So, there we have it: equal marriage for same-sex couples in the civil law and the chance for religious groups to choose to offer same-sex religious marriage if they want to. It’s another step toward equality in front of the law for the LGBT community which has come a long way in the 43 years since the Stonewall riots in New York City.

As a Liberal Democrat I am proud my party has consistently been the champion of equality. Our drive to secure equal treatment for one and all is enshrined in the preamble to our constitution, and it is in the DNA of our members. The Liberal Democrats have helped to lead the way in the UK. We were the first party to commit to a policy of civil partnerships, in a Private Members Bill, and at our conference in 2010 we were the first party to adopt equal marriage for same-sex couples.

Of course we were not alone and many from all political hues and none fought and campaigned – it’s to their credit that both the Labour Leader and the Prime Minister now back equal marriage too.

In Britain, over the last 43 years and for many more years before that, we’ve seen thousands of innocent people criminalised and jailed, hundreds subjected to medical torment in the search of a “cure” and scores of thousands of lives wasted by individuals in denial hiding from themselves in the dark. Their only “crime”: to love someone of the same gender and to want to express that love.

We should be clear however that equal marriage won’t mean that the journey is over. Still too many gay children are beaten and bullied by their school mates or kicked out of the family home by their parents. Still too many lesbians are denied promotion at work or told their custom isn’t wanted in a hotel or shop. Still too many people find it difficult to come out to colleagues and live a half-life in the shadows. Many young gay and lesbian people fail to imagine a future where they can be in-love, settled, happy and accepted.

Equal marriage is not the answer for all the LGBT community’s woes but it is the beginning of being able to answer the other questions. The extension of the franchise to women hasn’t yet delivered equal pay for women and the end of apartheid hasn’t yet ended racism but these steps did change the debates. Legal equality for LGBT people will send a clear signal that being gay, lesbian or transgendered is not wrong.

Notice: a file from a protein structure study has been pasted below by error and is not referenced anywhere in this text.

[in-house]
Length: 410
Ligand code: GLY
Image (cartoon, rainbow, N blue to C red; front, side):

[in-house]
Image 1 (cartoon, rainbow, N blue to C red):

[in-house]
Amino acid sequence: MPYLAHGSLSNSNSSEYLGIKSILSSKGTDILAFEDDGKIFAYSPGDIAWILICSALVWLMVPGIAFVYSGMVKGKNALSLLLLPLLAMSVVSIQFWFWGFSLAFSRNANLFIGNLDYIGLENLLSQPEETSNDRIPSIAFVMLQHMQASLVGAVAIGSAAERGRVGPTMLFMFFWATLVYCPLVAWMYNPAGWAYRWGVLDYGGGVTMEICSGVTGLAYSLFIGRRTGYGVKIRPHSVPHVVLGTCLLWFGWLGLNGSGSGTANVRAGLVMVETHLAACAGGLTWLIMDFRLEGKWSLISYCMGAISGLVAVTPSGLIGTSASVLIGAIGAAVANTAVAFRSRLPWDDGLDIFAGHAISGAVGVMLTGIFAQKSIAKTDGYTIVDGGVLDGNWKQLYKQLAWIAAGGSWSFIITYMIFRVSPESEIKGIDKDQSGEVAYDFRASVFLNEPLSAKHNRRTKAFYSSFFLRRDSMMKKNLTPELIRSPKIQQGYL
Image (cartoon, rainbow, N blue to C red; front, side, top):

Separate but equal, the mantra behind civil partnerships, was a step along this road – and all credit to the last Government for taking it – but it also sent a subtle message: a wink and a nod that gays were different. Equal marriage ends that – it ends an era of one rule for one section of society and one rule for another.

It will open up a cornerstone institution within our community to couples who want to make a serious commitment to each other and solidify the expression of their love for each other. Equal marriage will allow lesbian and gay young people to imagine a life where they fall in love, get married and live happily ever after in just the same way that their straight friends can.

And it will be a powerful weapon to help end the pernicious sniggering that is still too common in boardrooms, classroom and dining rooms across the country. It will give confidence and support to those people across our country who today, right now, are struggling to find a way to tell their family and friends for the first time in fear of the reaction.

And it strikes the right balance between religious freedom and individual equality. It is, of course, right that religious groups should not be compelled to offer equal marriage – freedom of religion is a core value too. We don’t compel the Church to offer marriage to straight divorcees who wish to remarry and we must not compel them to offer same-sex equal marriage if they choose not to. We know that many faiths will do so.

Equality has always had its enemies – and the flat-earthers in the Tories will no doubt rush so far to the right in opposition to this that they will be in danger of falling off the edge. But opponents are out of step with public opinion and they will soon be out of time. The vocal opposition, when it comes, will only further damage the institutions the opponents of equality claim to want to protect, showing them to be no longer fit for purpose in twenty-first century Britain.

The great march to a fairer and more equal society will continue one step at a time.

Stephen Gilbert is the MP for St Austell & Newquay and proposed the Equal Marriage motion to Liberal Democrat conference in September 2010.